My characters just finished a big battle with the bad guy and they won this round. I've been itching to keep going but... I haven't perfected my plan.
Since this is a second draft, that I've changed the trajectory on, I don't want to waste effort doing something in this chapter that doesn't move the plot forward. I have taken the outline I revised and sketched out the chapter as I suggested, but I noted that there's no action in the chapter. Nothing happens. It sets up several items for later resolution, but nothing happens in the actual chapter.
Now, can't have that.
The current chapter is a switch of POV from the male hero (Étienne) to his wife (Basilie). They have all contributed to the successful defeat of the bad guy (Galen).
Basilie has sustained some superficial wounds. The point of the chapter is to establish changes in behavior for Étienne, and to clarify Basilie's mindset regarding her soon-to-be born child, and finally, to establish some family history for Basilie.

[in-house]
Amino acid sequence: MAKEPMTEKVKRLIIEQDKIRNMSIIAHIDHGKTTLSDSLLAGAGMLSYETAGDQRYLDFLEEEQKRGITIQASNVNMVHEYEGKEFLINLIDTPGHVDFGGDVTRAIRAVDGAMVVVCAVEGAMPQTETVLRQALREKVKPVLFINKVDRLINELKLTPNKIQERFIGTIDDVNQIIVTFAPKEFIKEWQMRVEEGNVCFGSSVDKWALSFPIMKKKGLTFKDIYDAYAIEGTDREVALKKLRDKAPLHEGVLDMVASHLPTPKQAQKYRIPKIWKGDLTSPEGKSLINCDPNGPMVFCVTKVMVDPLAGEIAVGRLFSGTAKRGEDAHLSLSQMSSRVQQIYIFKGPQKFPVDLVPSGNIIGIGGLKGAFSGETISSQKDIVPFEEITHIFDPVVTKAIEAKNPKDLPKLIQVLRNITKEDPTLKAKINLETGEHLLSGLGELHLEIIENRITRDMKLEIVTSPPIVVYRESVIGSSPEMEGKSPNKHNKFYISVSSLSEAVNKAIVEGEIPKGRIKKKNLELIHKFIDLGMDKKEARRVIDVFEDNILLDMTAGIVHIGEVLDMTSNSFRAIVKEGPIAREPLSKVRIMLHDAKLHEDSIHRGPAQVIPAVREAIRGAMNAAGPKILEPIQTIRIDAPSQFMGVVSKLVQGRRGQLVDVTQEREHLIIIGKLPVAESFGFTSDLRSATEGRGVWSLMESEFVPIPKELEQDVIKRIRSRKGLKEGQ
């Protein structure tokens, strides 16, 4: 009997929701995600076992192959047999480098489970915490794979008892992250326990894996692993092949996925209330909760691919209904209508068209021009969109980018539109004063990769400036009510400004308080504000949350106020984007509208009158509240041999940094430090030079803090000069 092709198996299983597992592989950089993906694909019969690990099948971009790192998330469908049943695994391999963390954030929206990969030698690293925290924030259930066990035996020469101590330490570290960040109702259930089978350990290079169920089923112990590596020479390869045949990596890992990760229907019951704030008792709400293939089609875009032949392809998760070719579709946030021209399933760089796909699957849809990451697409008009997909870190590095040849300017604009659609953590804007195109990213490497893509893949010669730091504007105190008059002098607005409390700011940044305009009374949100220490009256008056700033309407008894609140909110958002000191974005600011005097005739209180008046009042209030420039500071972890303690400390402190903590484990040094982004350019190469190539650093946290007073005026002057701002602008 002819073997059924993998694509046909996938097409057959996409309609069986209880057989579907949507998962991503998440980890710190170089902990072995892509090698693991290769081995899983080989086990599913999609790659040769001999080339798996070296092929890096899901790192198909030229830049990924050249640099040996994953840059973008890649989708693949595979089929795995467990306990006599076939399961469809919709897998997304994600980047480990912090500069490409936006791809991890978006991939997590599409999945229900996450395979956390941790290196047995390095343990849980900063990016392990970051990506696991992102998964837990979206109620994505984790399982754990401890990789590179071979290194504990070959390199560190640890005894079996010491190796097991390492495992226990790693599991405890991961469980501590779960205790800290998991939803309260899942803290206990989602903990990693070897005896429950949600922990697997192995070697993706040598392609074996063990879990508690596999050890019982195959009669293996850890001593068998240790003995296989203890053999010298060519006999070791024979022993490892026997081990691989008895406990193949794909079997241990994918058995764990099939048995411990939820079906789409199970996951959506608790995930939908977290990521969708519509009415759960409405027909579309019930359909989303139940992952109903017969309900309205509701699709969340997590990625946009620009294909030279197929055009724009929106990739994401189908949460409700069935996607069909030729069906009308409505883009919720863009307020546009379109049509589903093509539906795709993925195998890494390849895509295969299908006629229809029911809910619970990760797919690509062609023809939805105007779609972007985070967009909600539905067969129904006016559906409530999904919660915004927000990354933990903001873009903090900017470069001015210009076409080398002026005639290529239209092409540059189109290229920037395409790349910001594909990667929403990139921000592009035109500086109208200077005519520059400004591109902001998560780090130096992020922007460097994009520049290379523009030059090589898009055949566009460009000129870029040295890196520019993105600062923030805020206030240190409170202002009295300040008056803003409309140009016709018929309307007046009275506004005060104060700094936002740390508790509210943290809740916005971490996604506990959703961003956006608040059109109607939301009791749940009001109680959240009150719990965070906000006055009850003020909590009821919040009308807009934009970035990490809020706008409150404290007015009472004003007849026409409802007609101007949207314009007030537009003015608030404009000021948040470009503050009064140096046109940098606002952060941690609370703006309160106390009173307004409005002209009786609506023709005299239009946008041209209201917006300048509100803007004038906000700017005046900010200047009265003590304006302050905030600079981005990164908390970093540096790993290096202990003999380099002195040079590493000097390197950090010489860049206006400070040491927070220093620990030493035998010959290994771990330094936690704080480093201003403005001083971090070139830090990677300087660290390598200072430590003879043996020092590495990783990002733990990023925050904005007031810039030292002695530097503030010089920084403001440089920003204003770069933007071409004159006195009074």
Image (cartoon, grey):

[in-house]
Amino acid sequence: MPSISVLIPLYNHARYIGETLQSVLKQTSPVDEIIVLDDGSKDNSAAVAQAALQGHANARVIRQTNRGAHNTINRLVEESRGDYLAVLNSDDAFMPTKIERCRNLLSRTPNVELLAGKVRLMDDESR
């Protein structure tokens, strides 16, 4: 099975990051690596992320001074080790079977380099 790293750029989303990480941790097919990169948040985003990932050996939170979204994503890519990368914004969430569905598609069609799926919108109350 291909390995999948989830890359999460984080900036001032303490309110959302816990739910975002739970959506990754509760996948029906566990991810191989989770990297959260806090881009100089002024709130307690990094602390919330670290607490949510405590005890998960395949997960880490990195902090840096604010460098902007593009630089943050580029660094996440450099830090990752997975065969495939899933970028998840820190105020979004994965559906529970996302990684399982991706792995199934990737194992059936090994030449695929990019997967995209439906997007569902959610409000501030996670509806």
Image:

This entry isn't necessarily about how I decide to resolve this, but to point out a realization I had of how many of my writing processes are physical. Under doctor's orders, I can't go ride my bike. I can't go shopping. And most painful to my process, I can't listen to my iPod and dance around like a lunatic.
Which leaves naps. Sometimes, when I try to go to sleep, the emptiness of my own head allows new ideas to pop in. Especially if I have been trying to think like that person for a while.
So what would Basilie do after a big fight? Should I pick her up in the ER? I'm going to have to write it out and try different things... But it's also like the way I cook:
Sometimes I look at the ingredients I have and contemplate all the ways to combine them until I hit a successful mix. But sometimes, I can be sitting, eating something completely different and get struck by lightning.
Last night I was thinking about chili, thawing in the fridge. I remembered we had pie crust and chicken and broccoli and various soups... and I had a eureka moment: POT PIE.
And sometimes, writing works the same way.